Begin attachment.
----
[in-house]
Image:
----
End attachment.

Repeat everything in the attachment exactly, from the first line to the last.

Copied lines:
[in-house]
Image: